Laser controller 134 operates timers 146 in either an autopulse mode or a pulse-on-target mode. In autopulse mode, timers 146 start in response to the control data in registers 144; and, in the pulse-on-target mode, timers 146 start in response to receiving a position coincidence signal 148 from a comparator 150 in beam position controller 116. Position encoders 152 in beam position controller 116 indicate to comparator 150 the current position of X-Y positioner 118, and when the current position matches the position coordinates stored in registers 140, position coincidence signal 148 is generated, indicating that workpiece 120 is properly positioned over a target position or an intermediate position. Accordingly, if workpiece 120 is positioned over a target position, timers 146 simultaneously operate the Q-switch in IR laser 126 and set AOM 10 to a transmissive state by applying an RF pulse 38 with predetermined RF power and RF duration 44 to AOM 10 such that a working laser output 40 passes through AOM 10 and hits the target link 60. If workpiece 120 is positioned over an intermediate position, timers 146 operate the Q-switch in IR laser 126 and apply an RF pulse 38 with predetermined RF power and RF duration 44 to AOM 10 only after a predetermined time offset 42 from the Q-switch operation. Thus, the RF pulse 38 is in noncoincidence with laser output 24 and no working laser output 40 is gated through.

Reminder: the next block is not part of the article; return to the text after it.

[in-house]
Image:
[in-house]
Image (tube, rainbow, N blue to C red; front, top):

Since the movement velocity of X-Y positioner 118 is preferably controlled such that the positioner 118 moves over the combination of the targets and intermediate positions at a constant rate, the laser Q-switch is fired at such a constant repetition rate, or in other words, the laser output interval 26 is made substantially equal to position move times. Therefore, the IR laser 126 is operated at a substantially constant repetition rate, or the laser output interval 26 is substantially constant so there are virtually negligible instabilities in laser output 24 and in laser pulse harmonic conversion due to the variation of the laser output interval 26. Further details concerning on-demand triggering of AOM 10 can be found in U.S. Pat. No. 6,172,325 for LASER PROCESSING POWER OUTPUT STABILIZATION APPARATUS AND METHOD EMPLOYING PROCESSING POSITION FEEDBACK, which is herein incorporated by reference.